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Letting Different Views about Business Cycles Compete

In: NBER Macroeconomics Annual 2009, Volume 24

  • Paul Beaudry
  • Bernd Lucke

There are several candidate explanations for macro-fluctuations. Two of the most common discussed sources are surprise changes in disembodied technology and monetary innovations. Another popular explanation is found under the heading of a preference or more generally a demand shock. More recently two other explanations have been advocated: surprise changes in investment specific technology and news about future technology growth. The aim of this paper is to provide a quantitative assessment of the relative merits of all these explanations by adopting a framework which allows them to compete. In particular, we propose a co-integrated SVAR approach that encompasses all 5 shocks and thereby offers a coherent evaluation of the dynamics they induce as well as their contribution to macro volatility. Our main finding is that surprise changes in technology, whether it be of the disembodied or embodied nature, account for very little of fluctuations. In contrast, expected changes in technology appear to be an important force, with preference/demand shocks and monetary shocks also playing non-negligible roles.

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This chapter was published in:
  • Daron Acemoglu & Kenneth Rogoff & Michael Woodford, 2010. "NBER Macroeconomics Annual 2009, Volume 24," NBER Books, National Bureau of Economic Research, Inc, number acem09-1.
  • This item is provided by National Bureau of Economic Research, Inc in its series NBER Chapters with number 11806.
    Handle: RePEc:nbr:nberch:11806
    Contact details of provider: Postal: National Bureau of Economic Research, 1050 Massachusetts Avenue Cambridge, MA 02138, U.S.A.
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    1. Galí, Jordi, 1996. "Technology, Employment, and the Business Cycle: Do Technology Shocks Explain Aggregate Fluctuations?," CEPR Discussion Papers 1499, C.E.P.R. Discussion Papers.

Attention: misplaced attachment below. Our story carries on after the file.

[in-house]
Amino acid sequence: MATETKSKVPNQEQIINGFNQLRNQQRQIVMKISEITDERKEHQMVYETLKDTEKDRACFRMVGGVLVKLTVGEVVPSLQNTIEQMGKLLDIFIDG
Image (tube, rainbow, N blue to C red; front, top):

2. Bénédicte Vidaillet & V. D'Estaintot & P. Abécassis, 2005. "Introduction," Post-Print hal-00287137, HAL.
    3. Lawrence J. Christiano & Martin Eichenbaum & Robert Vigfusson, 2004. "The Response of Hours to a Technology Shock: Evidence Based on Direct Measures of Technology," Journal of the European Economic Association, MIT Press, vol. 2(2-3), pages 381-395, 04/05.
    4. Bagliano, Fabio-Cesare & Favero, Carlo A., 1997. "Measuring Monetary Policy with VAR Models: An Evaluation," CEPR Discussion Papers 1743, C.E.P.R. Discussion Papers.
    5. Paul Beaudry & Franck Portier, 2006. "Stock Prices, News, and Economic Fluctuations," American Economic Review, American Economic Association, vol. 96(4), pages 1293-1307, September.
    6. V. V. Chari & Patrick J. Kehoe & Ellen R. McGrattan, 2008. "Are Structural VARs with Long-Run Restrictions Useful in Developing Business Cycle Theory?," NBER Working Papers 14430, National Bureau of Economic Research, Inc.
    7. Jason G. Cummins & Giovanni L. Violante, 2002. "Investment-specific technical change in the US (1947-2000): measurement and macroeconomics consequences," Finance and Economics Discussion Series 2002-10, Board of Governors of the Federal Reserve System (U.S.).
    8. Lucke, Bernd, 2010. "Identification and overidentification in SVECMs," Economics Letters, Elsevier, vol. 108(3), pages 318-321, September.
    9. Greenwood, J. & Hercowitz, Z. & Krusell, P., 1996. "Long-Run Implications of Investment-Specific Technological Change," RCER Working Papers 420, University of Rochester - Center for Economic Research (RCER).
    10. Jonas D. M. Fisher, 2006. "The Dynamic Effects of Neutral and Investment-Specific Technology Shocks," Journal of Political Economy, University of Chicago Press, vol. 114(3), pages 413-451, June.
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